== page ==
Nevada law enforcement regulators are proposing to revise the state’s employment policy so that prior marijuana possession convictions for amounts that are now legal would no longer be a disqualifying factor for police recruits.
The Nevada Peace Officer Standards and Training (POST) Commission submitted the proposed change days after members voted to continue the rulemaking process for the potential reform earlier this month.
As it stands, the state’s guidelines say that people cannot be employed as peace officers if they’ve been “convicted of an offense involving moral turpitude or the unlawful use, sale or possession of a controlled substance.”
The commission is now proposing to add language that carves out an exception to that rule for people with “marijuana convictions for use or possession that would not be prosecutable under the law as of January 1, 2023.”
That wouldn’t mean that officers could use cannabis duty once they are employed, but it would represent a significant policy change, especially given that the current rules are written in a way that explicitly emphasizes the no-tolerance policy for marijuana.
“As with any psychoactive drug, POST strongly believes there is no room for marijuana usage in the policing profession,” the current administration manual says. “POST strongly encourages law enforcement agencies across the state to adopted [sic] policies prohibiting the on or off duty recreational or medical use of marijuana.”
It even goes so far as to say that people who merely possess a state-issued medical cannabis patient card are “prohibited from attending POST courses, including the Basic Training Academy.” It’s unclear if the commission, which discussed the pending cannabis rules change at an earlier meeting in February, will maintain such language should the new proposed regulation be adopted.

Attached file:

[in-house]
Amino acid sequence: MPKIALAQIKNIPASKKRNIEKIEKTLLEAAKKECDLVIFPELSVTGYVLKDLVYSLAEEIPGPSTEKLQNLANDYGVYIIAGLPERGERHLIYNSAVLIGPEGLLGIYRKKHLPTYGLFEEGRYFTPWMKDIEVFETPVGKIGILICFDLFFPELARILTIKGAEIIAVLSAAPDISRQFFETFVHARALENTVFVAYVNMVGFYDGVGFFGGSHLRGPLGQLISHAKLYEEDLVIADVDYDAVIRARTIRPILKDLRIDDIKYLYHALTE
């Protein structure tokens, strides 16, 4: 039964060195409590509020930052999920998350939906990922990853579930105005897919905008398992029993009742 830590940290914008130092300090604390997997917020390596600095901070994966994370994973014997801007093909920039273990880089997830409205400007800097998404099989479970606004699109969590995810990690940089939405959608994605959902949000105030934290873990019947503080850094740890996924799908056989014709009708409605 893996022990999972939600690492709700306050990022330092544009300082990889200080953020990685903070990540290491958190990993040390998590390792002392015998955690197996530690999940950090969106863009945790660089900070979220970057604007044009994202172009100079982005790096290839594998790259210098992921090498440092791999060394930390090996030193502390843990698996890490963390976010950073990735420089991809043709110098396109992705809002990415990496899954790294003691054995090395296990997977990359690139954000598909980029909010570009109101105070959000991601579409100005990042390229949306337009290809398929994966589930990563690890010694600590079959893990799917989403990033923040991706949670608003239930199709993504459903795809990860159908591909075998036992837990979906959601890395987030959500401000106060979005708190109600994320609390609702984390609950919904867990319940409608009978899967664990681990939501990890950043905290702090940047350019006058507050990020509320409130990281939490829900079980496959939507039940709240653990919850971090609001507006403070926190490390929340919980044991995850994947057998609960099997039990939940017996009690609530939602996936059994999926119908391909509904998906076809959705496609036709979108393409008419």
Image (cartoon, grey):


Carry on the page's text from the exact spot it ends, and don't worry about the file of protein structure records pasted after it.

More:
Like many agencies and companies, Nevada law enforcement has grappled with cannabis employment policy since the state enacted adult-use legalization.
After a Las Vegas police officer was fired for testing positive for THC metabolites in 2019, he sued the department, and a district judge ruled in 2021 that the zero-tolerance policy for cannabis was “untenable,” while agreeing with the plaintiff that state statute protects employees’ lawful use of marijuana outside of work.
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Meanwhile, POST isn’t the state’s only regulatory body that’s reevaluating cannabis policy.
The Nevada State Athletic Commission (NSAC) recently voted to send a proposed regulatory amendment to the governor that would formally protect athletes from being penalized over using or possessing marijuana in compliance with state law.
NSAC, which regulates unarmed combat sports within the state, voted unanimously to stop penalizing professional fighters for testing positive for marijuana in 2021, but the policy hasn’t been integrated into the code. The new amendment would change that.
In the Nevada legislature, the Assembly also recently approved a resolution urging Congress to legalize marijuana, sending it to the state Senate.
Lawmakers have also taken up a proposal to increase the state’s cannabis possession limit and remove barriers to employment in the marijuana industry.
Last month, the Senate Health and Human Services Committee approved a revised bill that would create a new working group to study psychedelics and develop a plan to allow regulated access for therapeutic purposes.
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